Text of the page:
Battersbee family fights to keep son alive following failed EU appeal

by Jacob Fuller

Willie R. Tubbs, FISM News


A United Kingdom hospital’s decision to end the life of a child against his parent’s wishes will go forward Thursday morning unless his parents apply for hospice care, which the hospital also opposes.

As reported by Sky News and The Guardian, the parents of 12-year-old Archie Battersbee were given until 9 a.m. local time to apply for hospice care for their son. Holly Dance and Paul Battersbee said they would pursue hospice care so that they can have control over where their son “takes his final moments,” according to a family spokeswoman.

“We’ve now got to fight to see if we can get him out of here to have a dignified passing at a hospice,” Dance said. “It’s just unfair. The fact is as a parent we’ve got no rights for our children, it’s disgusting.”

As previously reported on FISM, Battersbee has been on life support since being found asphyxiated with what appeared to be a cord tied around his neck. His mother believes Archie was injured while attempting to complete an online challenge.

Battersbee’s family has sought to keep him on life support and has presented what they, and their attorney, say is evidence of Archie seeking to breathe on his own. His parents also say Archie’s heart continues to beat and he has squeezed his mother’s hand.

The hospital, Barts Health NHS Trust in London, has argued Battersbee’s condition is permanent and irreversible and has sought to remove him from life support on grounds that it is, allegedly, more humane to let the young man die.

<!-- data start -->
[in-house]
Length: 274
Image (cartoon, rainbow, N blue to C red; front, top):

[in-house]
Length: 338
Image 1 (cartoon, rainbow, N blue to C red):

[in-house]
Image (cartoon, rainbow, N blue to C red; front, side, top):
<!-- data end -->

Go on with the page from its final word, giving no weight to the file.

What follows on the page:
Dance and Paul Battersbee have sought unsuccessfully in the United Kingdom and European Union court systems to appeal the hospital’s decision.

In the most recent setback, a European court ruled that it would not intercede with a U.K. court ruling on the matter.



Following the EU court’s decision, the hospital gave the parents until this morning to file a petition with the High Court to move Archie to hospice care. Had his parents refused or failed to do so, Archie would have been removed from life support at 11 a.m. London time.

However, the story doesn’t end there. The hospital has promised to oppose the move, even though it demanded the application be made.

“Any application will be opposed on both a procedural basis and best interests basis,” the trust said, later adding it “continues to put Archie’s welfare and best interests at the forefront of its decision making about his care. It believes that Archie’s condition is unstable and that transferring him even a short distance involves significant risk.”

The one positive note for the family is that Archie will remain on life support during the hearing over his move to hospice, which will sustain his life for some time more.

“The one thing I will say is, I promised him I’d fight to the end and that’s exactly what I’ve done,” The Guardian quoted Dance as saying.